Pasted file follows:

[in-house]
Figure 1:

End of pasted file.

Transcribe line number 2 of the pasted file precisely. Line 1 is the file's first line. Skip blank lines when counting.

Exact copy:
Figure 1: